My quest to find my compere was proving frustrating, would love to do it but on holiday, too ill, too old now for that kind of thing etc. Part of me was thinking just ask Ian Dewhirst, whilst the other part was clouded by something else I remembered. With the onset of records, videos and later compact discs and the library counter starting to resemble a ‘shop’ (Ian’s words) selling carrier bags, maps and children’s badges amongst other things. Ian had said that ‘it was becoming less a place of peace and quiet and more like a market place!’ Furthermore, it seemed all very well attracting young people into a library by putting on a Punch and Judy show and getting them to shout ‘he’s behind you’ at the top of their lungs, but then it becomes difficult to persuade children that the library should be a reasonably quiet place. I also knew that Ian was inclined to speak his mind and that I could be handing him the perfect public platform on which to ‘vent his spleen’. The devil in me wanted to know what might happen when two different worlds collide, I concluded that whatever happens, you could be sure that Ian would be entertaining. There was another reason I was veering towards asking Ian and that was that I was well aware he would guarantee me an audience as his loyal supporters followed him everywhere. I decided to give Bruce Russell from ‘The Presidents’ a phone call for a second opinion. I hardly had chance to read the names on my dwindling list when Bruce said ‘Janet, go for Ian Dewhirst, I’d pay good money to see him’!! I replied ‘yeah, but Bruce, he has no interest in rock ‘n’ roll whatsoever and will probably only be able to speak about dance bands at the Mechanics Institute’. Bruce assured me that it didn’t matter and I agreed.
When I asked Ian if he would do the honour of being my compere, he looked bemused and said ‘oh, good heavens, are you sure?’ I replied ‘I’m sure, I’m sure’. The poster to advertise the event was another matter. When I showed it to people they looked at the acts, nodding their approval. Then when they came to Ian’s name at the bottom (which had a speech bubble by his mouth saying ‘miss it, miss out’) they said ‘oh, oh Ian Dewhirst’. This was usually followed by a raised eyebrow and a ‘that’s a strange choice!’
Come the day of the ‘Showtime 1960s’ event , I made sure I briefed the Doveston Brothers beforehand that they must not take it personally, but if we start counting, we probably won’t get very far before Ian says something along the lines of ‘of course none of this would have happened if they had not abolished National Service’. Ian also insisted on starting bang on 1 o’clock as stated on the poster despite the fact that folk were still piling in. ‘Cometh the hour, Cometh the man’. Ian was a total star from the word off, he had the audience which had swelled to over 200 eating out of the palm of his hand in no time. He did indeed acknowledge that rock ‘n’ roll had passed him by in a flurry of 2 years National Service and helping out in his dad’s newsagents shop. The only song he liked was ‘Peggy Sue’ by Buddy Holly , but he died and that was that!! He made fun of songs with ridiculous titles like ‘Does Your Chewing Gum Lose Its Flavour on the Bedpost Overnight?’ and ‘How Much Is That Doggie In The Window?’ If Maurice Chevalier had been alive today and brought out a song called ‘Thank Heaven for Little Girls’, he would have been locked up! He related a story from his teens when he was riding in the countryside with his dad on a tandem and requested some information about sex. His dad didn’t fall off the bike but apparently it all went quiet and after a couple of miles his dad simply said ‘both the man and the woman have to agree, Son’ which brought the house down!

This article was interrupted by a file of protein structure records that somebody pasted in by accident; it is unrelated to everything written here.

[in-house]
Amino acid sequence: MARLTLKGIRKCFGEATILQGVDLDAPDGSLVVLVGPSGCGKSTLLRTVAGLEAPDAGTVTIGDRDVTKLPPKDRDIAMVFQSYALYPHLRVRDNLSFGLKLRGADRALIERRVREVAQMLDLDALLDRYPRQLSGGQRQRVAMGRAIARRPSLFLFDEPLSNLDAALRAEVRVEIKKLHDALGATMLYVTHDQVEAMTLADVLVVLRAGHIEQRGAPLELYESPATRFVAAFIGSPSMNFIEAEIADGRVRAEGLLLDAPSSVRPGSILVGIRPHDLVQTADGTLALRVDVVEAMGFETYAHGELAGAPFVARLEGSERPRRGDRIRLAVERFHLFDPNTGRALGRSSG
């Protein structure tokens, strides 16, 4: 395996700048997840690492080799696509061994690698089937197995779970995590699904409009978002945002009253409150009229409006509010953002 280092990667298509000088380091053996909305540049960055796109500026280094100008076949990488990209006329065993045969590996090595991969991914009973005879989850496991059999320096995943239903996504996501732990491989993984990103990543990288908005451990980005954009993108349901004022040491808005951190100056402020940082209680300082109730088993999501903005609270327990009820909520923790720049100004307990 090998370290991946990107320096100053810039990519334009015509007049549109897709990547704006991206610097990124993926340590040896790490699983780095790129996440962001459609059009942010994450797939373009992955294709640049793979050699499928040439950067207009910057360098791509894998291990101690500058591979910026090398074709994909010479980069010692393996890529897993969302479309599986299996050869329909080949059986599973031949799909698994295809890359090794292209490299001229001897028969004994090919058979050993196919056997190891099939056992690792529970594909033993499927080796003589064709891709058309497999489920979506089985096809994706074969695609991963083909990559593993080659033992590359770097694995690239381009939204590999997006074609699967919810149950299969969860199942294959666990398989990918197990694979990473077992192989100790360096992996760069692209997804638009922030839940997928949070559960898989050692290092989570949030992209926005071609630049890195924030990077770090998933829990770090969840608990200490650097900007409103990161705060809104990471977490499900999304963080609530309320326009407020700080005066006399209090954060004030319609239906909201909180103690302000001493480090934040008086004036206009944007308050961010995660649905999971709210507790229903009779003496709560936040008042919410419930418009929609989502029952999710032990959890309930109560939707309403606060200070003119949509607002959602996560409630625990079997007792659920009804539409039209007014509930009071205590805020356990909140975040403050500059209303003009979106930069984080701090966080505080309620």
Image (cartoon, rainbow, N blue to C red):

After the Doveston Brothers performance, Ian did indeed acknowledge that he must have absorbed more of the burgeoning culture than he thought because he did indeed recognise some of the songs.